“Agitate! Agitate! Agitate!” These were the words of Frederick Douglass. He believed strongly that blacks had to unwaveringly struggle for equal rights. “Power concedes nothing without a demand. It never did and it never will.” With this determination, Douglass spoke out against the Fugitive Slave Act of 1850. He became one of the most renowned orators and journalists in the fight against enslavement.
Douglass was born into slavery in 1817, near Tuckahoe, Md. He adopted Feb. 14 as his birthday because his mother used to call him her “little valentine.” He was mistreated during slavery, and tried to escape. He was sent to a “slave breaker,” who whipped him without mercy. Douglass fought back. He successfully escaped on his third try, with assistance from a free black woman named Anna Murray, whom he met in Baltimore. The two later married.
Douglass began reading anti-slavery papers and attending meetings with abolitionists. He became a speaker and quickly earned a reputation of being able to move an audience with his powerful words and descriptions of the horrors of slavery. He wrote “A Narrative of the Life of Frederick Douglass,” which detailed the inhumane treatment of slaves. When the Fugitive Slave Act was passed, Douglass responded with strong words. He wrote that the true remedy to this law was “a good revolver, a steady hand and a determination to shoot down any man attempting to kidnap.”
Abolitionists nicknamed the act the “Bloodhound Law” for the dogs that were used to track runaway slaves. Slave catchers were also given the right to search private homes and return fugitives. This harsh law sent thousands of escaped slaves fleeing to Canada. They risked beatings and death, and traveled until they were emaciated. Their goal was to reach the Niagara Frontier and cross the border to Canada.
Prior to becoming president, Millard Fillmore practiced law in East Aurora and took a stand against slavery, defending escaped slaves. However, Fillmore denounced the abolitionists on his way up the political ladder and signed the law in 1850.
As a result of the Fugitive Slave Act, Douglass became a determined agent of the Underground Railroad. By this time he had moved to Rochester. He raised money to assist fugitive slaves, and used his home as a station on the Underground Railroad. Often escaped slaves would be waiting on his doorstep. He helped hundreds to freedom. He enlisted the aid of others in Rochester who were more than willing to help. Douglass established a newspaper called the North Star and used it to speak out against slavery.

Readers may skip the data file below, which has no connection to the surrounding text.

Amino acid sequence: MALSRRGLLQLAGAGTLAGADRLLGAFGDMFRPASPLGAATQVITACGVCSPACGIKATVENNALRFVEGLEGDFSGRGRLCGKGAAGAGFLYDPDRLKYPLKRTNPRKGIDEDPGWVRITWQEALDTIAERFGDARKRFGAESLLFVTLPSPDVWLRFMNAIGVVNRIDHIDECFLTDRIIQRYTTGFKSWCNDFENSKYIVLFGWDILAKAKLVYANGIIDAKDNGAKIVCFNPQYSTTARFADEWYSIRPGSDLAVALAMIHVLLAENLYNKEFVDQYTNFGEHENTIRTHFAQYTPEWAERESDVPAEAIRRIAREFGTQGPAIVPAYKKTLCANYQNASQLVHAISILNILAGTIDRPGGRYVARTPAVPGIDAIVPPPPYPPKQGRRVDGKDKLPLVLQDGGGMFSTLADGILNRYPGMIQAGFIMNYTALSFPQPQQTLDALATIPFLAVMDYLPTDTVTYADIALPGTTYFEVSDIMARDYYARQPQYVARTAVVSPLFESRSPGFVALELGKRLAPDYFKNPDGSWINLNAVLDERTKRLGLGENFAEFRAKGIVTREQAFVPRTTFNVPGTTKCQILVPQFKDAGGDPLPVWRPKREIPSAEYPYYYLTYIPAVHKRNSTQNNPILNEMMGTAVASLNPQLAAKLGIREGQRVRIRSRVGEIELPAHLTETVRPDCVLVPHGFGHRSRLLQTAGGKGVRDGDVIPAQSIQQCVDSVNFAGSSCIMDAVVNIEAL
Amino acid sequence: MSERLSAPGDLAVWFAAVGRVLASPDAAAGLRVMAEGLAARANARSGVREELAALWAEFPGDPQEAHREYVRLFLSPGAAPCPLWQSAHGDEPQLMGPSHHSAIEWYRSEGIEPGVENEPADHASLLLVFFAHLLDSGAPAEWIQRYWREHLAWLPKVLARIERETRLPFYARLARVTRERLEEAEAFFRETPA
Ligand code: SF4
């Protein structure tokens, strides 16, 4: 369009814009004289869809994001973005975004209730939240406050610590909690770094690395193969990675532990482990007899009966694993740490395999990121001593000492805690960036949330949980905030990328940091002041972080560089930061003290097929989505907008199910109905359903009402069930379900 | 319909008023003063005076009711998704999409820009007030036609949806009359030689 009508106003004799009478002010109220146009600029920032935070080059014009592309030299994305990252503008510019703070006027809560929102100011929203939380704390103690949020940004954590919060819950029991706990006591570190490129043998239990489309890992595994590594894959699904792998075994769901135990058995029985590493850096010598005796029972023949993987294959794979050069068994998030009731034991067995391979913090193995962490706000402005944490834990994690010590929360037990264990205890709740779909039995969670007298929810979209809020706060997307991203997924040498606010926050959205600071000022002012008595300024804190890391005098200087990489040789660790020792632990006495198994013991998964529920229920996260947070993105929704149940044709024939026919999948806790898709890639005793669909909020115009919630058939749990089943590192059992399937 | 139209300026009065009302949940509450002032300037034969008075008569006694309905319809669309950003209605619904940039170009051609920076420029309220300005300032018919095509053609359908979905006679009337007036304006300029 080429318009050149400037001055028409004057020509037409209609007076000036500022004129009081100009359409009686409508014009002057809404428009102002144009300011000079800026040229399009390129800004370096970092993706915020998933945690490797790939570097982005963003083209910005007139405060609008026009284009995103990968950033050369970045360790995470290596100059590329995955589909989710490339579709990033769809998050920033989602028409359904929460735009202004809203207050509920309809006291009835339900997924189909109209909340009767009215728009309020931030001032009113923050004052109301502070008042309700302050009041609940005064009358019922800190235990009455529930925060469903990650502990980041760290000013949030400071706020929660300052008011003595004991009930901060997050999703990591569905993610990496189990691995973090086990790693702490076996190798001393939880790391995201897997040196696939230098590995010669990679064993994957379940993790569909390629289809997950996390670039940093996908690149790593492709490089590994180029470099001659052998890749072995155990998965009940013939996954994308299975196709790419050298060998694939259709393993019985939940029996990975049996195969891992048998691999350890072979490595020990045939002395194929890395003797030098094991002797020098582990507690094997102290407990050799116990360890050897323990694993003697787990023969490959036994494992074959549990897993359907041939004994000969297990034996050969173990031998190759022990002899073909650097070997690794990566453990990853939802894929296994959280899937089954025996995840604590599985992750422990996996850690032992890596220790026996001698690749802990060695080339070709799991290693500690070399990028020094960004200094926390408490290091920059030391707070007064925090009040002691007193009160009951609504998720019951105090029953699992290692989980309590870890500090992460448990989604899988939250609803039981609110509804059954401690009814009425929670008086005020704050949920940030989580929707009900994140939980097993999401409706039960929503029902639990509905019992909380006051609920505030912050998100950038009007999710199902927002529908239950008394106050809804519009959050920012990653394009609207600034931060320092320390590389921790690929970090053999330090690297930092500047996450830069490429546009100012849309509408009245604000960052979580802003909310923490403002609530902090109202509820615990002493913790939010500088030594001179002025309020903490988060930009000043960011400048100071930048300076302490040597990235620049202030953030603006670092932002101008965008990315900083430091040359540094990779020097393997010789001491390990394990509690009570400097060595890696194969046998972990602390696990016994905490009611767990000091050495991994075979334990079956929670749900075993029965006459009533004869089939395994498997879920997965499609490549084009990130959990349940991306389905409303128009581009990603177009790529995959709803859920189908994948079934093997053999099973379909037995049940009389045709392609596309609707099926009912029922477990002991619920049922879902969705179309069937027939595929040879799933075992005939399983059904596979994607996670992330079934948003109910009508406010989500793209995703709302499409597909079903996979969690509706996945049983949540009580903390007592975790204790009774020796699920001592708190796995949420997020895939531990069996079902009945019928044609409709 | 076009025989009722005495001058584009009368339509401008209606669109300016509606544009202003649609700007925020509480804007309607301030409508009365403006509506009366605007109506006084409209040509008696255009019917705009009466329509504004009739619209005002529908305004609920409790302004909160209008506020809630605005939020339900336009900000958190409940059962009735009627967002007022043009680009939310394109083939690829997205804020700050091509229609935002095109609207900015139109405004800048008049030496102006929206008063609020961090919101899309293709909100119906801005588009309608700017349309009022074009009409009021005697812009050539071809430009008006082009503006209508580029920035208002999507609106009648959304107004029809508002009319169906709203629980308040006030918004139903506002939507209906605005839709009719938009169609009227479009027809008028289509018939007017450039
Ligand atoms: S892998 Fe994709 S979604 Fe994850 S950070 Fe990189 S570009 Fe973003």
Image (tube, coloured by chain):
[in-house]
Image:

Douglass often spoke in Buffalo. As a member of the anti-slavery society, he became involved with the Colored Convention Movement. In 1843, blacks met in Buffalo as part of 100 anti-slavery conventions in several states. A building located at Washington and Seneca streets was used for the first meeting by Douglass and other abolitionists. He spoke each day for a week. He also spoke at the site now known as LaSalle Park to a crowd of about 5,000 people. His eloquent speeches, writings and anti-slavery activities forced the public to become aware of the plight of blacks.
Douglass died on Feb. 20, 1895, of a heart attack. Earlier that day, he had given a speech to the National Council of Negro Women. In 1955, his home in Anacostia, D.C., was purchased as a national shrine under the National Park Service. A commemorative stamp was issued in his honor in 1967. With his voice and pen, he addressed numerous issues, including women’s rights, world peace and full civil rights for blacks.
The history of the work of men and women who played major roles as conductors on the Underground Railroad in Western New York has yet to be told. Perhaps one day we will get the whole story.
Eva M. Doyle is a columnist for the Buffalo Criterion newspaper, where this article originally appeared. It is the third of four parts.